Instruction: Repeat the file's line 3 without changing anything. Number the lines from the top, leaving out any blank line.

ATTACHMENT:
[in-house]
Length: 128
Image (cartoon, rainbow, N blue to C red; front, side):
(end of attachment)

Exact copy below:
Image (cartoon, rainbow, N blue to C red; front, side):